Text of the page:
Lomachenko’s performance vs Linares should give Pacquiao fans reason to smile. Here's why
After seeing Vasiliy Lomachenko getting knocked down by the bigger Jorge Linares, not a few started nurturing the view that Manny Pacquiao might just have a solid shot at scoring an upset against the Ukrainian pound-for-pound contender. AP 

UKRAINE'S Vasiliy Lomachenko, the consensus pound-for-pound king in pro boxing today, just expanded his trophy room by stopping Venezuelan Jorge Linares in 10 rounds for the World Boxing Association (WBA) lightweight championship (135 lbs.).

The victory gave Lomachenko his third division crown and was the fastest to get there. Lomachenko needed only 12 fights to win world titles in the featherweight (126 lbs.), super featherweight (130 lbs.) and lightweight crowns. Previously, Australian slugger Jeff Fenech posted the record by winning his third division crown in his 20th fight in 1988.

For Lomachenko, though, the third time was not a walk in the park. Moving up to 135 pounds, Lomachenko had to work doubly hard to take down a taller, heavier Linares. In the 6th round, Lomachenko made the common mistake of a southpaw; he walked into a right straight from Linares and found himself getting dumped to the canvas. To his credit, Lomachenko remained composed and continued to methodically break down Linares. In the 10th stanza, Lomachenko peppered Linares with head shots and then sneaked in a short left to the liver that dropped the Venezuelan to a knee. Linares got up, but was clearly in no shape to continue as the referee waived the fight over.

The victory improved Lomachenko’s record to 11-1, with 9 knockouts. More importantly, it kept alive a proposed dream showdown with Filipino ring icon Manny Pacquiao, who is booked to fight slugger Lucas Matthysse on July 15 for the ‘regular’ WBA welterweight (147 lbs.) hardware. Pacquiao has been talking about swapping leather with Lomachenko since last year, knowing well that it is only the big money fight available in the limited market. Fight fans initially dismissed the thought owing to the weight difference, but they started salivating for it when Lomachenko decided to slowly move up in weight.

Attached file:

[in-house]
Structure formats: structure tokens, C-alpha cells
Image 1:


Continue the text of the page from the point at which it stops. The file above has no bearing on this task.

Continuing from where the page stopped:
In fact, after seeing Lomachenko getting knocked down by the bigger Linares, not a few started nurturing the view that Pacquiao might just have a solid shot at scoring an upset. 

Before the Linares fight, the prevailing view was that Pacquiao should avoid Lomachenko at all cost as he might end up getting humiliated by the multi-skilled Ukrainian. At 39, the prognosis is that Pacquiao is just too old and is no longer the same fighter.

But in the Linares fight, Lomachenko also showed that the additional weight has made him slower and vulnerable. Lomachenko was Quicksilver-fast at featherweight (126 lbs.), but he has since added nine pounds to his frame as he moved up to fight Linares.

ADVERTISEMENT - CONTINUE READING BELOW

Pacquiao, who now campaigns in the 147-pound division, is likely to meet Lomachenko at a catch weight, possibly in the vicinity of 140 to 144 pounds. Lomachenko had said that he can only go as high as 140, arguably because he will be already hard-pressed to remain agile at that weight.

Pacquiao, who defeated bigger foes in his quest for eight division titles, will find himself in a different situation when he faces Lomachenko. Pacquiao will be the ‘bigger’ fighter,' the one in a position to bully Lomachenko.

Pacquiao is no longer that fast with his fists, but consider this: While his speed has diminished because of the proverbial wear and tear, Pacquiao was so fast during his heyday that the dip aside, he remains faster compared to the regular boxer. Of course, Lomachenko is no ordinary fighter, but he is expected to be slower as his waistline expands.When the bell rings, the speed of both men will be basically in the same plateau.

Punching power will be an issue. Pacquiao has not scored a knockout since 2009, but note that he has been facing boxers bigger than him. Pacquiao will be facing a smaller guy in Lomachenko and it will be interesting to see how Lomachenko’s chin will handle Pacquiao’s left taking into account that he fell from one right hand from the bigger Linares.

Lomachenko is fully aware of the need to get accustomed to the extra weight. He plans to leave the super featherweight class for good and stay in the lightweight division. An August date with WBO counterpart Ray Beltran is reportedly in the works. Beltran is one-dimensional, but he can punch and Lomachenko definitely wants to get familiar with the power the big boys bring.

If Pacquiao carves out a convincing win over Matthysse and Lomachenko prevails over Beltran, a match between the two is expected by the end of the year.

Lomachenko will remain the favorite, but nobody will be betting the entire money on him as Pacquiao will be a live underdog.

Follow the writer on Twitter: @edtolentino